I mention this because most startups get launched under roughly similar circumstances. No, I don’t mean everyone launching startups is a happy new homeowner with a cute pet. But I do mean the lives of startup founders tend to be relatively “good” and “stable.” After all, people don’t usually launch startups when they’re homeless, fleeing war torn countries, dying from cancer, or dealing with other similarly challenging circumstances.
This basic level of stability and comfort isn’t obvious to entrepreneurs when they’re launching new ventures. However, it becomes apparent as startups age and the lives of their founders change. I realized this after my life significantly changed. It was the day I became a father.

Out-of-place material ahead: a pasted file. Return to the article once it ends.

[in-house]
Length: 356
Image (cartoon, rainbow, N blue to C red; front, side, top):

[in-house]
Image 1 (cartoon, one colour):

Yes, I realize everyone’s lives change when they become parents. But the birth of my child changed my life in a very different way than what most new parents experience. The day I became a parent, my daughter almost died.
Thankfully, she survived. However, the stability that was so critical to my startup’s success didn’t survive, and, as a result, neither did my startup.
The disease that killed my startup
The reason my daughter nearly died the day she was born was because of a disease called Long QT Syndrome (LQTS). You’ve likely never heard of it. It’s uncommon. I won’t distract you with all the details here.